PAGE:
The right to adequate food is a basic human right recognized under international law. Yet, in Ontario — and Greater Sudbury — the number of people accessing food banks continues to increase exponentially.
Feed Ontario released its 2023 Hunger Report on Monday, revealing that more than 800,000 people accessed emergency food support last year, which marks an increase of 38 per cent over the previous year and the largest single-year increase recorded by the province’s food bank network.
In Greater Sudbury, food bank usage has been increasing over the last six to seven consecutive years, with a 30 per cent increase alone experienced by food program providers within the last year, said Dan Xilon, executive director of the Sudbury Food Bank, an organization that supports 44 food banks and meal providers across Greater Sudbury. School breakfast programs and meals provided through shelters also fall within the organization’s jurisdiction.
Currently, it receives 17,000 requests for service and support a month, which has increased from from 13,000 to 14,000 requests a month during the same time last year.
“We’ve been on this nonstop increase in usage for the last six or seven years,” said Xilon. “It doesn’t ever seem to be going down.”
In September the Sudbury Food Bank appealed to the public for donations because their supply was low. Xilon said the organization was able to bounce back following the public appeal and now with the holiday season around the corner, it will rely again on community support, like it has in previous seasons, with campaigns like the Edgar Burton food drive that aim to replenish food bank shelves.
While the majority of people requesting services access the Ontario Disability Support Program or Ontario Works, there is a new trend emerging. For the first time, the organization is serving more people who are employed yet accessing food banks and programs.
“We’ve never had that before,” said Xilon. “If you compare that to 2016/2017, that figure has gone through the roof, probably bigger than the 30 per cent increase overall.”
More newcomers and seniors are also accessing food bank services, said Xilon.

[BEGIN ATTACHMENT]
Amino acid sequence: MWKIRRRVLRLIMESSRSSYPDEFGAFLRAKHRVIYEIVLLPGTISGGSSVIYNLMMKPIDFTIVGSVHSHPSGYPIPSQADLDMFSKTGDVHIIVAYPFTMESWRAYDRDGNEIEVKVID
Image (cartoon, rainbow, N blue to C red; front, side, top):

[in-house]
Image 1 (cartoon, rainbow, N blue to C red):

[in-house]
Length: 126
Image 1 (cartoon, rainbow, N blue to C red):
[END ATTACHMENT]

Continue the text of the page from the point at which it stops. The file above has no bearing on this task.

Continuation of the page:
In October, there was a 13 per cent increase in the number of seniors accessing food banks.
“There are many wonderful newcomers in the community, which will be fantastic for us,” he said. “We certainly need them and that will work itself out eventually but right now they need help.”
The increase in food bank usage among seniors, newcomers and the employed could improve within the coming years; however, it could also continue to increase, said Xilon.
“How high it is going to get, that we have no idea,” he said. “We can’t forecast how high it’s going to get. Every time we get a number, we say it can’t get any higher than this, then it winds up going up. There are a lot of reasons for that, but you have to remember we are a very small cog in the wheel. All we do is feed people in emergency situations. We don’t have anything to do with housing or services.”
The 2023 Hunger Report says more than 800,000 people in the province turned to emergency food support between April 1, 2022, and March 31, 2023, and that the total number of visits to food banks also rose similarly in that time, totalling more than 5.9 million, or 36 per cent more than the previous year. Much of the growth came from first-time visitors, who accounted for two out of five people who used food banks. The report notes that’s a 41 per cent increase from the previous year.
The 2023 Hunger Report points to precarious work, the erosion of social support programs and a lack of affordable housing as longstanding factors, with the skyrocketing cost of living as a more recent contributor. In addition, the report says food bank use has continued to rise even though the unemployment rate returned to pre-pandemic levels in 2022.
It notes more workers are turning to food banks, with one in six food bank visitors citing employment as their main source of income in the period covered by the report. That represents a 37 per cent increase over the previous year and an 82 per cent increase over 2016-17, the report says.
“It used to be that having a job meant that you would not need to access a food bank,” Feed Ontario’s chief executive officer, Carolyn Stewart, wrote in a statement.
“This is no longer the case. Working Ontarians are having trouble earning enough income to afford today’s cost of living, even when working multiple jobs or trying to cut expenses.”
– with files from the Canadian Press.
The Local Journalism Initiative is made possible through funding from the federal government.
By Laura Stradiotto, Local Journalism Initiative Reporter
Original Published on Nov 28, 2023 at 02:27